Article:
The opinion of the court was delivered by: OBERDORFER
This common law tort action is before the Court on motions of defendants District of Columbia, Washington Metropolitan Area Transit Authority ("WMATA"), and Fort Myer Construction for summary judgment, the motion of third-party defendant United States for summary judgment on claims by the District of Columbia, and other pending motions. Plaintiff has filed a motion to dismiss with prejudice defendants Fort Myer Construction, David Volkert & Associates, and WMATA. Accordingly, these defendants are dismissed from this action with prejudice, and the Fort Myer and WMATA motions denied as moot. Consequently, the only motions outstanding are the District of Columbia's motion for summary judgment, the United States' motion for summary judgment on the District's claim for contribution, and Group Hospitalization's motion to intervene as a plaintiff. The District of Columbia's motion being well taken, these other motions must be denied as moot.
The District of Columbia moves for summary judgment on the grounds that it cannot be held liable for plaintiff's injury as a matter of law for two reasons. First, the District contends that it had no notice, either actual or constructive, that there was a dangerous or defective condition at the intersection of 9th and Pennsylvania Avenue, N.W. on December 3, 1991. Second, the District contends that plaintiff was contributorily negligent and that such negligence was a "substantial factor" in causing her injury, which in the District of Columbia operates as a complete bar to recovery. See District of Columbia v. Brown, 589 A.2d 384, 388 (D.C. 1991); Sinai v. Polinger Co., 498 A.2d 520, 528 (D.C. 1985).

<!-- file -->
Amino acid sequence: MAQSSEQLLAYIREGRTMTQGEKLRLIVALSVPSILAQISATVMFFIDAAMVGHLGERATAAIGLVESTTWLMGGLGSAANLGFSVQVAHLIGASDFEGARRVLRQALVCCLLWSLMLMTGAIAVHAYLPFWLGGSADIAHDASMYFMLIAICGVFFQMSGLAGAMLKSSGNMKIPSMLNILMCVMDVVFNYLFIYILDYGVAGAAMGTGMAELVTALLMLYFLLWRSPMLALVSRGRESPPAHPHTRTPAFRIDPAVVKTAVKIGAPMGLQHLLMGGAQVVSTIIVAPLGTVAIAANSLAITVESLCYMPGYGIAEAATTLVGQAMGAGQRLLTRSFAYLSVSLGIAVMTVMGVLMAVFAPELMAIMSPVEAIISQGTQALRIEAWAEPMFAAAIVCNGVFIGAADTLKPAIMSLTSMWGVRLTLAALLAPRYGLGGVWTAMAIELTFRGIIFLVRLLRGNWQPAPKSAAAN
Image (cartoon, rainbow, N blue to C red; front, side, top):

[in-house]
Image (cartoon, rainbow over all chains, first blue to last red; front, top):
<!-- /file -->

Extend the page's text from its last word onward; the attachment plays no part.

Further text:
The essential undisputed facts are that on the morning of December 3, 1991, plaintiff was injured when she fell on a sidewalk on Pennsylvania Avenue, N.W. A puddle of water had accumulated from the rain at the intersection of 9th and Pennsylvania. Plaintiff "skirted the flooded area hoping to be able to continue across Pennsylvania Avenue without getting into the water." O'Connor May 1, 1995 Dep. at 7. When the water "impeded" her further travel she was "probably maybe two and a half; three feet from the opposite curb." Id. at 10. At that point she veered to the left, "hoping that the light would change and I would be able to proceed across Pennsylvania without having to go through the water." Id. at 11. Plaintiff stepped into the traffic lane of Pennsylvania Avenue. A cry of a passerby, "Lookout. Here comes a bus," startled her. Id. at 12. Indeed, there was an oncoming WMATA bus while plaintiff was in a traffic lane on Pennsylvania Avenue. It was at this point that she jumped or stepped quickly back toward the curb, fell, and injured herself. Id. at 11-12. At the time she stepped into Pennsylvania, she did not know whether the traffic signal had changed from green to red to stop the Pennsylvania traffic, and she did not look to see whether there was any oncoming traffic. See id. at 12. When asked at her deposition, "Did you ever look for oncoming traffic from Pennsylvania?," plaintiff answered, "I didn't have a chance to." "Why not?" "Because someone yelled," she said. Id. at 30.
Confronted with these undisputed facts, no reasonable trier of fact could fail to conclude that even if there is a sufficient basis for plaintiff's allegation that the District was negligent in allowing a puddle to accumulate at the corner of 9th and Pennsylvania, plaintiff's actions constituted contributory negligence which proximately caused her injury. In the District of Columbia, contributory negligence operates as a complete bar to recovery. See District of Columbia v. Brown, 589 A.2d 384, 388 (D.C. 1991). Plaintiff contends that, notwithstanding the fact that she stepped into a traffic lane on Pennsylvania before looking to see whether there was any oncoming traffic, she "exercised reasonable care in assuring her own safety" and that the reasonableness of her actions is "reinforced by the dangerous flooded conditions faced by Plaintiff on the day of the accident." Pl.'s Opp'n at 5.